Sinusitis, Asthma, and Bronchitis in Recent Veterans
Operation Enduring Freedom (OEF) and Operation Iraqi Freedom (OIF) Veterans were 29% more likely to report that they were diagnosed with sinusitis compared to Veterans who were deployed elsewhere during OEF/OIF, according to a recent study.
Researchers found no significant difference in self-reported asthma or bronchitis between OEF/OIF Veterans and those that were deployed elsewhere during the same time period.
Text version of infographic
Respiratory diseases among deployed Veterans versus non-deployed Veterans. Sinusitis findings show that deployed Veterans were 29% more likely to have been diagnosed with sinusitis during and after 2001 compared to non-deployed Veterans. For asthma and bronchitis, the study found no significant difference in asthma or bronchitis risk between deployed and non-deployed Veterans.
Percentages were as follows:
- Asthma: 3.4% of non-deployed, 3.3% of deployed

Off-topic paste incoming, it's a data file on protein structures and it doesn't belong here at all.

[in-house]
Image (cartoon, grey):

- Bronchitis: 5.3% of non-deployed, 5.9% of deployed
- Sinusitis: 5.6% of non-deployed, 6.9% of deployed
Sinusitis: sinus infection, asthma: breathing disease, bronchitis: swelling of tubes leading to lungs
Findings from the New Generation Study
The findings are from the National Health Study for a New Generation of U.S. Veterans, a long-term study on the health of 30,000 OEF/OIF Veterans and 30,000 Veterans from the same era who were not deployed. Read the abstract on respiratory diseases.
Read the abstract on a related article on lifetime prevalence of respiratory diseases and exposures among Veterans who served during OEF/OIF.
Talk to your health care provider or local VA Environmental Health Coordinator if you are concerned about respiratory illness.
VA offers a variety of health care benefits to eligible Veterans. Not enrolled in the VA health care system? Find out if you qualify. OEF/OIF/OND Veterans are eligible for VA health care for five years after leaving the military. There are other ways to qualify too, including by having a service-connected disability.